Just shy of 10 years ago, on October 31st, 2008, Satoshi Nakamoto, the pseudonymous creator of the now-world-renowned Bitcoin project, sat down to release a technical paper on what is arguably the most important innovation in human history.
As you may (or may not remember), this paper, titled “Bitcoin: A Peer-to-Peer Electronic Cash System,” highlighted the world’s first decentralized network and a viable form of digital cash that was seemingly poised to usurp the powers that be — the government and centralized institutions.
Initially, Nakamoto’s paper was slow to garner traction, occasionally seeing a few clicks from subscribers of Metzdowd.com, a lesser-known cryptography mailing list that was frequented by innovators, digital anarchists, and zany internet goers who likely had two too many beers. In spite of only seeing fleeting flashes of interest at the start, Nakamoto, who claimed to be a Japan-based coder, pushed ahead, launching Bitcoin v0.1 via Sourceforge on January 9th, 2009.
In the Bitcoin Network’s first block, commonly referred to as the near-deified “Genesis Block,” Nakamoto, making his hate for banks public, embedded the following comment:
The Times 03/Jan/2009 Chancellor on brink of second bailout for banks
While this could’ve been any old headline snagged from one of the internet’s thousands of RSS feeds, the fact that Nakamoto chose a story that clearly outlined the state of the traditional banking system at the time indicates that he had a penchant to hate banks.
As the first block was processed and the first coinbase transaction was issued, it was apparent that Satoshi was all by his lonesome, as his node, the world’s first full Bitcoin node, sat alone and in the dark. However, this changed when computer scientist Hal Finney overtly expressed interest in the decentralized system, becoming the first user to ever receive a BTC transaction, and from Satoshi himself, no less.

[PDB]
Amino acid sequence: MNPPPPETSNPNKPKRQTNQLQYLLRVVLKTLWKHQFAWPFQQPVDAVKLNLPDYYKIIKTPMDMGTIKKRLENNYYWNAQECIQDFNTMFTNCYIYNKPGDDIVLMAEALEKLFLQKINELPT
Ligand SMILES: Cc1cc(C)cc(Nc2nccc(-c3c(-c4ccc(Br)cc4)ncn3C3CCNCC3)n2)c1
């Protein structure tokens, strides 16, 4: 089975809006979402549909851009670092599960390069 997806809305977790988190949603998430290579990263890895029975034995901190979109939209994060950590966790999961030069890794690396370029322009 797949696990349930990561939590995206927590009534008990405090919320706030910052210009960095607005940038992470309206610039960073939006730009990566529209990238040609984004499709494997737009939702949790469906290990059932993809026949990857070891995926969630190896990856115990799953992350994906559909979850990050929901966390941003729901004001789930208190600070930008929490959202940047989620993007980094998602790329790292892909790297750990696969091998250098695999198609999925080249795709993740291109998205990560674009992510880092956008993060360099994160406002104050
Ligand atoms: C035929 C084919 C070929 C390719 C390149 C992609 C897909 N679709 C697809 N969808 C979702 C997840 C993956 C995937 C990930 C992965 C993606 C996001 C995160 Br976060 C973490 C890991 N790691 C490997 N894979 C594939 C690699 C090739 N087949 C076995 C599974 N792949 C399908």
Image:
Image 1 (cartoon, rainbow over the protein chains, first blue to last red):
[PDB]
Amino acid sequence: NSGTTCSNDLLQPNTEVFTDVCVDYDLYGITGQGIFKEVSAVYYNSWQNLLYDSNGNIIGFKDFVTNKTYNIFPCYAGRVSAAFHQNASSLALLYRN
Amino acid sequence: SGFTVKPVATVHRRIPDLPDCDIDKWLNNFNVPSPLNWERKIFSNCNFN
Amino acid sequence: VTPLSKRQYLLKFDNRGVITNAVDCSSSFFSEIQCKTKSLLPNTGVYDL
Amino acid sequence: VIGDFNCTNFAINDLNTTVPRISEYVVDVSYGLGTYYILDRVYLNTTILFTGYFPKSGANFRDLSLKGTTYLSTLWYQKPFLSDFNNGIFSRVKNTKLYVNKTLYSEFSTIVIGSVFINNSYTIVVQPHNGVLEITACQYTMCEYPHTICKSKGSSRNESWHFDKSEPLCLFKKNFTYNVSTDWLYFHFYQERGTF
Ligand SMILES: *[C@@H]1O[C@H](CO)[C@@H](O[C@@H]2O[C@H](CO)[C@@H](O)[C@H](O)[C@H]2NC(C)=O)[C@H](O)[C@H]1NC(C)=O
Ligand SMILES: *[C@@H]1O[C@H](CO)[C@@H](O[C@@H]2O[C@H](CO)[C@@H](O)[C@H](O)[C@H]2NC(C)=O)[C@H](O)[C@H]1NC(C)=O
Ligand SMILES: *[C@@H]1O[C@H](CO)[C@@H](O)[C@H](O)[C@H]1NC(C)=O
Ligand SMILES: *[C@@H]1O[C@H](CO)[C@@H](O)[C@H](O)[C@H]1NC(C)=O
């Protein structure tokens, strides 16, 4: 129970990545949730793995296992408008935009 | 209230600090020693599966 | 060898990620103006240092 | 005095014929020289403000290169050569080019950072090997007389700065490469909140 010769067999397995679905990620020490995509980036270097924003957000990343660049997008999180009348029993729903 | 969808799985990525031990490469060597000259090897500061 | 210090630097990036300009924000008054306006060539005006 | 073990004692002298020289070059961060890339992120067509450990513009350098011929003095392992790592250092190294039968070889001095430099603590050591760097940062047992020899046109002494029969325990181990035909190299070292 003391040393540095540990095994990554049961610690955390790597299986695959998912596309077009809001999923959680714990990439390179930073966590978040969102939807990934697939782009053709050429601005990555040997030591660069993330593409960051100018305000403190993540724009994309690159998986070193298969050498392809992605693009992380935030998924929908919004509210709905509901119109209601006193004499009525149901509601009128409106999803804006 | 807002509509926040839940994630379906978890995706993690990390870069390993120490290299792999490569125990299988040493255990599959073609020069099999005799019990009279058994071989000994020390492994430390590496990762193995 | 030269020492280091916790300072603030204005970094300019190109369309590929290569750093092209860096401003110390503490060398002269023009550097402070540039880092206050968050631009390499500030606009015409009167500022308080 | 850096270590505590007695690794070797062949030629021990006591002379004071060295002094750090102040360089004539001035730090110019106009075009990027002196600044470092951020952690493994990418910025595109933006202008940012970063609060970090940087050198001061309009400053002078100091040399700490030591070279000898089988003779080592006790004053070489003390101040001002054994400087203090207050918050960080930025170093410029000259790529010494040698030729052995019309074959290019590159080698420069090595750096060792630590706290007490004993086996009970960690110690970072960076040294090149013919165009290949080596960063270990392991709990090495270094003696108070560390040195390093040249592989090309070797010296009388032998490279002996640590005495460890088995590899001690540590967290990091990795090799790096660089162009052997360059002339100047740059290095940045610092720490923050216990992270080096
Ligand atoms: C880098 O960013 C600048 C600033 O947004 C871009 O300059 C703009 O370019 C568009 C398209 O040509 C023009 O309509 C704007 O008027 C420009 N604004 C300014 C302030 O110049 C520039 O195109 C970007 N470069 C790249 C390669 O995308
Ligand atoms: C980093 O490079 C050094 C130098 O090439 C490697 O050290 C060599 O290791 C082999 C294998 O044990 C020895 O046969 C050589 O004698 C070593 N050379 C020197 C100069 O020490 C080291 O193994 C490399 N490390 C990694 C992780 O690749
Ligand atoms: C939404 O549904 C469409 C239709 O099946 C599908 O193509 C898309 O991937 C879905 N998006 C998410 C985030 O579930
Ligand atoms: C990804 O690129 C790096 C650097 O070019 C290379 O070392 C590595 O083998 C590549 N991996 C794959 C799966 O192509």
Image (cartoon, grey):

Still, despite the fact that the Bitcoin Network was as decentralized (and appealing) as systems come, with a (near) set-in-stone 10-minute block time and a fixed distribution curve, for a majority of the system’s infant months, Satoshi and Finney were left alone to twiddle their thumbs… Or in this case, to twitch their fingers over a keyboard in a bid to better the Bitcoin Network.
In a testament to the ghost town that was Bitcoin in 2009, Nakamoto, who is believed to have been Hal Finney by some, mined an estimated one million BTC, which have presumably been lost in the ether.
However, as the brainchild of Nakamoto turned one, the pseudonymous coder’s involvement in the project waned, like a candle reaching the end of its wick. And eventually, due to an unexplained series of circumstances, in classic Satoshi style, the Bitcoin founder disappeared, quickly handing pertinent keys and data over to Gavin Andresen, along with a handful of other early crypto adopters, to foster the project further.
Following that fateful day in 2010, Bitcoin wasn’t one man’s creation any longer, but rather, an innovation backed by a countless number of diehard decentralists and those with visions of a new world — one revolutionized by decentralized systems.
The Bitcoin Pizza, Mt.Gox, Silk Road
On May 22nd, 2010, the world saw one Laszlo Hanyecz issue the world’s first real-item BTC transaction, sending 10,000 BTC (~$40 at the time) to a Bitcoin Forum user named Jercos in exchange for two Dominos pizzas. While this occurrence may seem silly and something that should be swept under the rug, since Laszlo took the first bite of his 10,000 BTC pizza, nothing has been the same — hence the creation of “Bitcoin Pizza Day.”
While Laszlo’s transaction was a crypto-to-fiat transaction in essence, at the time, there were few legitimate, accessible, and easy-to-use platforms that openly supported fiat, which hampered the adoption and maturation of Bitcoin and the earliest semblance of altcoins.
Programmer Jed McCaleb aimed to solve this problem, turning Magic: The Gathering Online eXchange (Mt.Gox), which he owned, into the Bitcoin exchange that some loved, and others loved to hate. Eight months after launching Mt.Gox on July 18th, 2010, McCaleb, who has since done stints at the Stellar and Ripple projects, sold Mt.Gox to French developer Mark Karpeles, who was situated in Japan at the time.
As the now-infamous story goes, Mt.Gox saw its first tussle with hackers in mid-June 2011, when a malicious attacker forced the nominal price of BTC to move to $0.01 on the exchange. Although this breach was evidently dangerous and exposed flaws in the platform’s operational security systems, interested consumers continued to flock to Mt.Gox. By 2013, the Japan-based platform had garnered an average of 70% of the world’s daily BTC volume, indicating that McCaleb’s move to pawn off Mt.Gox to Karpeles may have backfired.